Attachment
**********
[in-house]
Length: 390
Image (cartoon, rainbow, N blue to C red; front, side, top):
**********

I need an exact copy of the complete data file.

[in-house]
Length: 390
Image (cartoon, rainbow, N blue to C red; front, side, top):